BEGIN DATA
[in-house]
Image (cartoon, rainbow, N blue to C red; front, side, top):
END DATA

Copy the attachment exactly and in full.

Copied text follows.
[in-house]
Image (cartoon, rainbow, N blue to C red; front, side, top):